Keep an eye out for insects on everything. Not all insects are bad; of course, and always choose the least toxic solution to any problem. I often get aphids on roses, and I have to admit that I usually squish them with my fingers. Next, I use a strong spray from the garden hose to dislodge the pests. Then, if I need to, I’ll use a few drops of dish detergent in a spray bottle with a pint to a quart of water. If all else fails, I move on to hot pepper wax spray or insecticidal soap. In all cases, I read and follow the directions.
All garden chemicals have labels that tell you how safe the chemicals are. Here is a tip. The words “caution, warning” and “danger” tell you, in that order, the level of toxicity of a preparation. I steer clear of all but caution.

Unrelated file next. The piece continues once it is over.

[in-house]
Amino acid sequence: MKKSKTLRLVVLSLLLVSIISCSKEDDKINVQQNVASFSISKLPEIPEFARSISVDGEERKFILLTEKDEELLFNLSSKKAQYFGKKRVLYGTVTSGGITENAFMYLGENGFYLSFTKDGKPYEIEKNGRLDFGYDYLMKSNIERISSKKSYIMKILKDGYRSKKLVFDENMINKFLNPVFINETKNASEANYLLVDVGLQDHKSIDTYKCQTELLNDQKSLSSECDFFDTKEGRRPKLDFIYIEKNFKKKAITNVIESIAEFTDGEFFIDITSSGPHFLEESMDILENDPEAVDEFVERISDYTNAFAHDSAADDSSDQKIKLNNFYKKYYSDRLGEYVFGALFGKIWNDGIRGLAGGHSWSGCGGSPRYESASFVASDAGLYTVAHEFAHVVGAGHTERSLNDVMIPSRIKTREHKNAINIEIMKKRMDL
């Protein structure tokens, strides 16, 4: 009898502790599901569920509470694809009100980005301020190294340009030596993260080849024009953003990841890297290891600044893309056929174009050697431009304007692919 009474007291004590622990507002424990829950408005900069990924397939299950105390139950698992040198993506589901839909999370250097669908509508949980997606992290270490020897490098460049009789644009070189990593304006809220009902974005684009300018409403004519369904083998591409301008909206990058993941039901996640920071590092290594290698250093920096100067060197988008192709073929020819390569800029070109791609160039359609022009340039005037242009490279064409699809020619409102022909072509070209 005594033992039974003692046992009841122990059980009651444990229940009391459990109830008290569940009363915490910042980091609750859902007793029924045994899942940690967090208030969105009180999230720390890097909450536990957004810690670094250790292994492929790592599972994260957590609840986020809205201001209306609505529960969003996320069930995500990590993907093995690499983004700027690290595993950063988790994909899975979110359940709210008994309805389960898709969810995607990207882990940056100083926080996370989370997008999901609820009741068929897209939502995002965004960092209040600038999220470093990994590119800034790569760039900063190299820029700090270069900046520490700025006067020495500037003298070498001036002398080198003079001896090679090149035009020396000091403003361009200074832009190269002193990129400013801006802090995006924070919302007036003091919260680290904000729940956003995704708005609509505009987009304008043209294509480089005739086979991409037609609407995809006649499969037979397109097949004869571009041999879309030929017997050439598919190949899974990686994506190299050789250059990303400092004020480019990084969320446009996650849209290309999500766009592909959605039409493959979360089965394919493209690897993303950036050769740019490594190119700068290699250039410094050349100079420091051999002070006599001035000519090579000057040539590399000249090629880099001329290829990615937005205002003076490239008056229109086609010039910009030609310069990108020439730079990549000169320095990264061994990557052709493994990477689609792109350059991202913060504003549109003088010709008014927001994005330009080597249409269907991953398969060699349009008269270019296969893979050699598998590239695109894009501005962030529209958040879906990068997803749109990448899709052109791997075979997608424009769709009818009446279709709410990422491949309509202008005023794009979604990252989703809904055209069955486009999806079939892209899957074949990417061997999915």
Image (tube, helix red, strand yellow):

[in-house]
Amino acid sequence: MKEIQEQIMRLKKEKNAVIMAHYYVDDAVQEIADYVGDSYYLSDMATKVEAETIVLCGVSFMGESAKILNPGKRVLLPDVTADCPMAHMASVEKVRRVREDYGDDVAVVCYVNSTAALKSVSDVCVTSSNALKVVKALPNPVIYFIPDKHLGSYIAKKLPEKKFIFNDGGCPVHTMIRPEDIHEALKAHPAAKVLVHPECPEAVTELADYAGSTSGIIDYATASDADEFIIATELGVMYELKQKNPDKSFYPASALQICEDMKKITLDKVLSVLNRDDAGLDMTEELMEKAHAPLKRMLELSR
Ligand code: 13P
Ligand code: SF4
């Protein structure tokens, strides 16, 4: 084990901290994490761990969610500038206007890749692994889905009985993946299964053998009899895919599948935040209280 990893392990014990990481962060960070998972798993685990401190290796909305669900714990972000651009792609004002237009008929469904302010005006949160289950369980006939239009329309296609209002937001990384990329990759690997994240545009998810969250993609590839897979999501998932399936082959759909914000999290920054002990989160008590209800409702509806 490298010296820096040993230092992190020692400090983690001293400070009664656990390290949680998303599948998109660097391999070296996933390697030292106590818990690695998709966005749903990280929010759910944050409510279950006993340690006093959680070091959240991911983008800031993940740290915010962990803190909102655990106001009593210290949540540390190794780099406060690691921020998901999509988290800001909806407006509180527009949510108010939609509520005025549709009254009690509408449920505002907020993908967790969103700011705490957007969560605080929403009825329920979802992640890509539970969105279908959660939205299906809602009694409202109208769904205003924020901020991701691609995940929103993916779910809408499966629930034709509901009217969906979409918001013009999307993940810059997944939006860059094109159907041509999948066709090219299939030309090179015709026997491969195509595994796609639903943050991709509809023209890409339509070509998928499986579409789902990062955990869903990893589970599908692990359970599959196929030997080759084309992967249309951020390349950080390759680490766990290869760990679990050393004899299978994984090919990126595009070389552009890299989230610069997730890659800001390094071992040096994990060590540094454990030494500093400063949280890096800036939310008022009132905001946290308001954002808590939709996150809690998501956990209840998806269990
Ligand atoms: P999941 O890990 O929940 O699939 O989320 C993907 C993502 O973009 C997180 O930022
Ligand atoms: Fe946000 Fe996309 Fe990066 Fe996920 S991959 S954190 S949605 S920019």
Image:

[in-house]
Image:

If your garden waste isn’t turning to compost fast enough, there may not be enough air in the pile. Be sure to add some twigs along with the vegetable waste to make air pockets. Other problems can be caused by not having enough nitrogen or leafy material. Add grass clippings if the grass has not been treated with pesticides, herbicides or fungicides. Read the rest of this post in the new issue of Thrifty & Green magazine on page 42.